Dr Julian Lewis: May I draw the attention of the Home Secretary and the House to an important article just published online in the Independent by the self-described liberal journalist Ahmed Aboudouh, who says that Egypt paid a terrible price in taking back jihadists who begged to be allowed home after the Afghan and Chechen campaigns? He points out that in November 1997, 58 western tourists were slaughtered in Luxor by returned jihadists who only a year earlier had been begging to come back. Clearly, there is a danger in letting radicalised people come back. However, given that not everyone can have their citizenship withdrawn and not everyone who has been out there can be successfully prosecuted because of the lack of evidence of what goes on in a place like that, does the solution not have to be a change in the law so that the act of giving support, aid and comfort to terrorist groups is itself a prosecutable offence?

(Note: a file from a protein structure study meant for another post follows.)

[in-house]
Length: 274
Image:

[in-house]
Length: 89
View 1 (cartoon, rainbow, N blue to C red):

[The Secretary of State for the Home Department (Sajid Javid): I thank my right hon. Friend for drawing the attention of the House to that case in Egypt and for his question. He outlines that in cases – again, I am not talking about any particular case – where the only opportunity to keep out a dangerous individual is through deprivation, thereby preventing re-entry into the UK, then any Home Secretary would weigh that option very carefully. Ultimately, my No. 1 responsibility is to do everything I can to keep everyone who lives in Britain safe. The last thing anyone would want to see – he cited the example of Egypt – is a situation where someone returns who could not be kept out and goes on to kill, murder and destroy lives. The duty to keep their constituents safe should be paramount in the mind of every hon. Member. That is why the House has supported successive Acts of Parliament that allow deprivation. As I said, the Immigration Act 2014 – not that long ago – actually extended powers of deprivation. That was the will of the House. My right hon. Friend referred to changes in the law. I know he welcomes the Counter-Terrorism and Border Security Act 2019, which became an Act just last week. That also gives the Government further powers to prosecute terrorists.]